Andrew Wyeth met his future wife and Christina Olson, the subject of his most famous painting, on the same day – his 22nd birthday.
Christina Olson was born on May 3, 1893 and as a child contracted a disease that curbed her mobility — probably Charcot-Marie-Tooth Disease. Her world was then limited to her farm on Hathorne’s Point in Cushing, Maine, where she lived with her brother Alvaro. The house had been in their family for generations, since Capt. Samuel Hathorne II built it in the late 18th century.
Wyeth spent summers at his own family’s summer home in Cushing.
In The Art of Andrew Wyeth, Brian O’Doherty described his visit to the Olsons at their farm.
“…the first thing that one notices about Christina is her voice,” he wrote. “It is firmly lucid, a practical countrywoman’s voice, and it immediately wipes out her myth, the romantic half-pitiable aura of a spirit strait-jacketed into immobility. Her voice is immediate, without self-pity, and she follows what she has to say with a shrewd slow look from her brown eyes. She has a force of character that would make any condescension to her paralysis an insult.”
“She rules like a queen,” Wyeth once said.
Wyeth met the Olsons on a date with Betsy James – July 12, 1939. He went to Betsy’s house, and she then drove him to the Olson farm. Betsy vaguely remembered the reason: She’d just learned to drive and wanted to go somewhere. She and Andrew married the next year.
Years after meeting Christina Olson, Wyeth later said, she didn’t make much of an impression on him. The farmhouse did. The Olsons let him set up a studio in a room on the second floor. Looking out the window one day in 1948, Wyeth saw Christina Olson crawling in the field and got the inspiration for Christina’s World.
He worked on the background for two months, while closely sketching Christina’s hair, body and hands. Betsy posed for the figure. “I worked on the hill for months, that brown grass, and kept thinking about her in her pink dress like a faded lobster shell I might find on the beach, crumpled,” he said.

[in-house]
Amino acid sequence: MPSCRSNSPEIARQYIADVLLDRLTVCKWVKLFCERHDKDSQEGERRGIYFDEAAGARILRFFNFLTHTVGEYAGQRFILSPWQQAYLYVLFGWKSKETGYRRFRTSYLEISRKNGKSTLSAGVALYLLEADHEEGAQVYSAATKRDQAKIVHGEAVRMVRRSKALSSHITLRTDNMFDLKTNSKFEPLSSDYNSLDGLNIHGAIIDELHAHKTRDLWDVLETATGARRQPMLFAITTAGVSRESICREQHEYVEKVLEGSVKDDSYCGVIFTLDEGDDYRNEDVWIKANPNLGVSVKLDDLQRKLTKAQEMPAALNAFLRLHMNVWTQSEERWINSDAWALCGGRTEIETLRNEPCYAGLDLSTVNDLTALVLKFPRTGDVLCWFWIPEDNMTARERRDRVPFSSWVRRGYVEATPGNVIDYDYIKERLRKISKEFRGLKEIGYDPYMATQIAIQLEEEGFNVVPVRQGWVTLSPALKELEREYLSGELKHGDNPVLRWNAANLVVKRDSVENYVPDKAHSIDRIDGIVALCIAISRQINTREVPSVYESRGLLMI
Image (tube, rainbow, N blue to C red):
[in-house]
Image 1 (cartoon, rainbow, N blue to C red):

When it came time to lay in the figure, he put a pink tone on her shoulder – “and it almost blew me across the room.”
Flat Tire — Not
Wyeth then hung the painting in his house in Maine and no one reacted to it. “I thought, Boy, is this one ever a flat tire,” he said.
He was wrong. From then on he started receiving letters about Christina’s World — about one a week.
He had painted Christina Olson many times on her farm. Christina’s World, she said, was her favorite.
Alvaro Olson died on Christmas Eve in 1967, and Christina Olson died a month later. They were buried on their property in their family cemetery. Andrew Wyeth died on Jan. 16, 2009. He, too, was buried in the Olson family cemetery.
The farmhouse, a National Historic Landmark, is now owned by the Farnsworth Art Museum in Rockland, Maine. Christina’s World hangs in the Museum of Modern Art in New York City.
This story about Christina Olson was updated in 2022. The image of Christina’s World By http://www.moma.org/collection/object.php?object_id=78455, Fair use, https://en.wikipedia.org/w/index.php?curid=8005786.
Check with the Farnsworth, I don’t believe it was Polio!
I’ve always loved this painting!
This needs to be updated since they now think Christina’s disease was probably Charcot-Marie-Tooth Disease, according to a May 15, 2016 article led by Dr. Ruth J. Hickman. The diagnosis was made by Dr. Marc Patterson, a professor of neurology, pediatrics and medical genetics at the Mayo Clinic. I found this information on the internet.
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